As President Trump’s behavior gets weirder and more dangerous by the day, his lawful removal from office becomes increasingly desirable, if not imperative.

Some Democrats and a few others have been pining to initiate an impeachment effort. But they are barking up the wrong tree.

Those who have experienced the presidential impeachment proceedings of former President Bill Clinton, resulting in his 1999 acquittal; or against the late President Richard Nixon, leading to his 1974 resignation; or those who recall from history President Andrew Johnson’s one-vote impeachment-trial victory, know full well that trying to oust a president for “high Crimes and Misdemeanors,” the term used in Article II, Section 4 of the Constitution, is a grueling, time-consuming, divisive ordeal awash with partisan considerations.

But there is a different constitutionally sanctioned (although still untested) means of removing a president. It could be more efficient and, above all, effective. And to make it more enticing, it has a Minnesota lineage of sorts.

The process that could produce the much-needed termination of the Trump presidency is removal due to disability under the 25th Amendment.

The measure was adopted in 1967 in the wake of the 1963 assassination of President John F. Kennedy, which elevated then-Vice President Lyndon Johnson to the White House, leaving a vacancy in Johnson’s former position. That in turn had left two elderly members of Congress next in line for succession, a deficiency that Congress remedied by passage of the 25th Amendment that established a method for filling a vacancy in the vice presidency — and also empowered the vice president to serve as “acting president” during a president’s disability.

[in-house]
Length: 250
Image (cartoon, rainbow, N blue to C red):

Minnesota was one of the last two states (along with Nevada) that gave the final needed ratifications to make the amendment part of the Constitution. As it happens, Minnesota’s Hubert Humphrey was vice president (having been elected in 1964) when it went into effect 50 years ago.

The process for filling a veep vacancy has been invoked twice — both surrounding the Nixon administration. First, Gerald Ford was selected to replace Spiro Agnew, who resigned in disgrace and under criminal charges; later, Nelson Rockefeller was chosen as Ford’s vice president when Ford replaced Nixon as president.

But it’s a different portion of the amendment that could be the key to dismantling the Trump presidency. It’s the section that allows replacement of a president who is considered to be “unable” to carry out the duties of the office.

The process has been utilized three times, all for short-term periods of incapacity while presidents were undergoing colonoscopies — first with Ronald Reagan and later, twice, for George W. Bush. Surprisingly, it was not invoked when President Reagan was in surgery and post-op recovery after he was shot by a would-be assassin in 1981.

The key section of the 25th Amendment authorizes replacement of the president if the vice president and a majority of the heads of executive branch departments, not just Cabinet posts, furnish statements to Congress deeming the current White House occupant to be “unable to discharge the powers and duties of his [sic] office.” (The measure did not contemplate, my gosh, a woman president, when drafted five decades ago.)

The system can seem Machiavellian. The amendment goes on to allow the temporarily sidelined president to reclaim the office if he (or she) transmits a statement to both houses of Congress of renewed fitness for duty.